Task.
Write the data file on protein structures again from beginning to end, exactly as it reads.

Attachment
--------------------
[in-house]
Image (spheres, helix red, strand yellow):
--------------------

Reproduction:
[in-house]
Image (spheres, helix red, strand yellow):